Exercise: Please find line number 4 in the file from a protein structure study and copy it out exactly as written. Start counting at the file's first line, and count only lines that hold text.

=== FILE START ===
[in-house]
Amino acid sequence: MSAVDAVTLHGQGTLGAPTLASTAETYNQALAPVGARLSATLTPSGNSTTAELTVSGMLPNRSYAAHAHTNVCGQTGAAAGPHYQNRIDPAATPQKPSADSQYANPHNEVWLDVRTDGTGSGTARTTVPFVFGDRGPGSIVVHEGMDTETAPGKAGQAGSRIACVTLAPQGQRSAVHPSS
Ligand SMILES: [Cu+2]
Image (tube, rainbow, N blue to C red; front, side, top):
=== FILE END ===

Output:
Image (tube, rainbow, N blue to C red; front, side, top):